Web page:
Tagged: virtualization Toggle Comment Threads | Keyboard Shortcuts

  • lenz 12:22 on 2015-06-01 Permalink
    Tags: , , virtualization   

    Shared storage in the cloud 

    While virtualization makes it pretty easy to spawn up new VMs quickly (e.g. for load balancing purposes), I always felt that providing concurrent file-based access to the same data to these VMs has been somewhat cumbersome, even though it’s still a requirement for many applications that need to share data between parts of the application, or multiple instances thereof.

    If you didn’t have some kind of SAN/NAS solution in your data center, it usually involved quirks creative solutions on the VM side (e.g. setting up a VM instance that acted as a central file service via NFS/SMB, or using a shared disk file system like GFS2 or OCFS2). But even if you did, the underlying virtualization technology did not provide any integration or API-based approach to this (at least that was my impression).

    I recently stumbled over Amazon’s Elastic File System (EFS), which was announced on April 9th, 2015. EFS provides shared storage as a service (STaaS) via the NFSv4 protocol. This makes it pretty easy to mount the same share on multiple (Linux-based) VMs. Amazon only charges you for the storage that you actually use (billed monthly, based on the average used during the month), and the use of SSDs should make sure that latency (IOPS) does not suck too badly.

    Interestingly, Microsoft has been offering something similar for almost a year now: Azure File Service was announced on May 12th, 2014 already. It provides shared access to files via the SMB protocol (which makes it suitable for both Windows and Linux-based VMs). In addition to that, Azure File Service also provides a REST API to access and manage objects stored on this service, which makes this service more versatile/flexible. Similar to Amazon, Microsoft only charges for the disk space you actually use.

    Note that both EFS and Azure File Service are still labeled as “Preview” at the time of writing and have certain limitations you should be aware of (Unsupported NFSv4.0 Features in EFS, Amazon EFS Limits During Preview, Features Not Supported By the Azure File Service) – so make sure to have backups of any data you store on them πŸ™‚

    The Open Source community has noticed the requirement for shared file access, too – Red Hat recently announced their participation in OpenStack’s Manila project, which provides a shared file service for this emerging cloud technology. From what I can tell, Manila’s focus currently is more on providing shared storage for OpenStack compute nodes, it’s not entirely clear to me yet if there are any plans to establish this as a solution to provide shared file systems to virtual machines as well (in addition to the object and block storage capabilities they already offer).

  • lenz 10:56 on 2015-02-03 Permalink
    Tags: scalability, virtualization   

    Back in the good old days of physical servers, you basically had two choices to increase the performance of your application: you either “scaled up”, by migrating to a beefier server with more RAM, CPUs/MHz, or you “scaled out”, by distributing your application load across multiple individual servers.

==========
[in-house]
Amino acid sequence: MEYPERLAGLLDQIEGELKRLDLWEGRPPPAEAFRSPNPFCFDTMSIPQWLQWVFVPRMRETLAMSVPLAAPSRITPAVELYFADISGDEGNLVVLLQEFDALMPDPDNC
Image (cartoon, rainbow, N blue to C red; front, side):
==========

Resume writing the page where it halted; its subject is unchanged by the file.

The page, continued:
Interestingly, I still observe customers applying this way of thinking to virtual environments, using multiple VMs behind a virtual load balancer for scaling out application load.

    Does this approach really make sense anymore? I think that it puts more load on a hypervisor to schedule multiple VMs for handling the workload than it would if the same load would be handled by one single powerful VM instance (with more vCPUs, more vRAM).

    Does “Scale Out” still make any sense in a virtual environment? It probably also depends on the application and if it can effectively scale with more CPUs and memory, but in general I don’t think it is a valid approach.

    • Ingo 11:58 on 2015-02-03 Permalink | Reply

      I think it can make sense:

      think of scaling out beyond the limits of physical server
      by combining this with a placement policy to more than one availability zone, so you even would achieve HA with this
      performance wise it could be beneficial on a NUMA host to use VMs that are bound to one NUMA Zone. That could be more performant than crossing all NUMA Zones with one VM.

      just my 0.02 €,
      greets, Ingo

      • lenz 12:07 on 2015-02-03 Permalink | Reply

        Hi Ingo, thanks for your comment!

        Good points, I agree that from an HA perspective there is a valid reason for this kind of setup, but you need to have more than one physical host/hypervisor for this. Also more on the HA side of things is using scale out to be able to perform maintenance tasks one one node, without having to take down the service.

        With regards to NUMA zones, I have no experience about the performance impact of this. My gut feeling is that it actually might be more performant to schedule two VMs in different NUMA zones than having one big VM that crosses NUMA boundaries. I need to do some research about this, to educate myself πŸ™‚



        • Christian 18:09 on 2015-02-03 Permalink | Reply

          even if there isn’t any performance gain on NUMA (while I’m pretty confident that there IS w/o having any backing numbers on it, either πŸ˜‰ ) from a Hypervisor perspective it’s still more efficient for it to handle e.g. two 1vCPU vs. one 2vCPU guests – as the VM is only able to demand “I need my CPU ressource” which then would the Hypervisor have to schedule for two physical Cores available to give the 2vCPU VM it’s ressource – even if there was only a single thread task within the VM that asked for it..
          So keep your VMs as small as possible and rather spread single tasks among multiple of those small VMs..

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